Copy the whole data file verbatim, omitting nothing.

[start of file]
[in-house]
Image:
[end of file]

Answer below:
[in-house]
Image: